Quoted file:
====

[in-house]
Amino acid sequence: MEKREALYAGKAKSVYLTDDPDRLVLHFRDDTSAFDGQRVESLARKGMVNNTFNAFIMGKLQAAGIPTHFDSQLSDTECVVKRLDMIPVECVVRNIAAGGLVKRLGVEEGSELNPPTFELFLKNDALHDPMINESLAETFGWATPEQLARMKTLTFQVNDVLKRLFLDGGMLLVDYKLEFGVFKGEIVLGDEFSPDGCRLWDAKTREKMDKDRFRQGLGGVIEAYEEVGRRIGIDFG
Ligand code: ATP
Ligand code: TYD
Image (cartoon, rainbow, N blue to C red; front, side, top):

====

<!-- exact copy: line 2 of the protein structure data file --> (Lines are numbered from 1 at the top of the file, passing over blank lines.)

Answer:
Amino acid sequence: MEKREALYAGKAKSVYLTDDPDRLVLHFRDDTSAFDGQRVESLARKGMVNNTFNAFIMGKLQAAGIPTHFDSQLSDTECVVKRLDMIPVECVVRNIAAGGLVKRLGVEEGSELNPPTFELFLKNDALHDPMINESLAETFGWATPEQLARMKTLTFQVNDVLKRLFLDGGMLLVDYKLEFGVFKGEIVLGDEFSPDGCRLWDAKTREKMDKDRFRQGLGGVIEAYEEVGRRIGIDFG